Mixed Cubano

Written by Susan Reiter on . Posted in Dance, Posts.


Cuba has had a high profile in the dance world mainly due to
the tireless efforts of the legendary Cuban ballerina Alicia Alonso who, at age
90, still directs the Ballet Nacional de Cuba. That purely classical company
will show New York its current roster of dancers next month, with four
performances (June 8–11) at BAM. At the moment, however, we have a chance to
discover where Cuban contemporary dance has been heading as well. Modern dance
styles have definitely taken root there as well, though Americans haven’t had a
chance to sample that development, due to political stalemates and subsequent
embargo that prevented much cultural exchange and touring. But now, more than
50 years after it was founded, Danza Contemporánea de Cuba is making its U.S.
debut with a two-week season at the Joyce Theater, offering two separate programs.

 

The 24-member company may have chosen to open its first
program with George Céspedes’ Mambo 3XXI in order to lead off with a
work by one of its five resident choreographers. But this mostly regimented
display of punchy, athletic moves was more formulaic than inspired. At least
things improved once the 21 dancers had made it through the opening sequence,
in which they formed seven lines and delivered a fast-paced, uninspired
aerobics demonstration. As Mambo 3XXI progressed, one could discern a
faint theme of regimentation giving way to individuality, or predictability
ceding to spontaneity. Beginning in white tank tops and black shorts (women)
and white tops and khakis (men), they gradually added more color and variety to
their costumes as the dance progressed. And they eventually were allowed to
show us more of who they are.

The dancers spilled across the stage in a skein of solos and
duets, demonstrating great fluidity as well as strength. The men showcased some
b-boy moves, and the weight-baring improvisatory approach of Contact
Improvisation was evident in some of the pairings. Céspedes interspersed
male-male and female-female pairs with the male-female ones in what seemed a
dutiful, rather than motivated, element of the work. Sections set to more melodic
Latin music, rather than a pulse-heavy sound score, allowed the dancers to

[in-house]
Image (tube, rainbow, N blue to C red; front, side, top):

loosen up and display their sinuous reach and coiled strength. At the
conclusion, the dancers returned to their lines but were allowed to be more
wild and spontaneous; as the work drew to a close, they were verbalizing their
enthusiasm as they former a partying cluster in the center. It felt like a
manufactured ending, but it worked: The crowd responded with an excited
cheering ovation.

The second half of Program A is Mats Ek’s Casi-Casa,
a 40-minute work with individual parts more intriguing than its overall impact.
Ek is a well-known Swedish choreographer who has long been a major figure on
the European scene. He is skilled at alluding to dramatic situations through
subtle encounters, and his duets can be eloquent in their yearning ambiguity. Casi-Casa
suggests a framework of lazy domestic coziness, but its uninterrupted
series of scenes unearths darker urges and somber consequences. A freestanding
door and a stove are onstage. A tall, striking earth-mother appears next,
propping a fedora on a raised foot. She later returns to lead a quintet of
women who smoothly manipulate stylized vacuum cleaners to the sounds of wistful
bagpipes.

Duets are Ek’s strength. A man and woman in gray seem
destined to be together, partnering with a sleek urgency reminiscent of early
Jiri Kylian works. Their intensity is such that it sets the stove to smoking,
with ultimately grim consequences. Another lithe, intense couple reach for each
other around and through the door. The music is credited only to Flesh Quartet,
but sounds more like a collage of varied selections, though mournful violin-led
melodies predominate.

This program will be performed Friday and twice on Saturday;
Program B (Wednesday through Friday evenings and Sunday matinee) features an
intriguing trio of choreographers. It includes Horizonte by Ballet
Hispanico alum Pedro Ruiz, the first Cuban-American to work with the company,
plus Demo-N/Crazy by Rafael Bonachela, the Spaniard who now directs
Sydney Dance Company, and Sulkary, a 1971 work by DCC resident
choreographer Eduardo Rivera that incorporates Afro-Caribbean movement.

Danza Contemporánea de Cuba

Through May 22, Joyce Theater, 175 8th Ave. (at 19th St.),
212-242-0800; $10 . 

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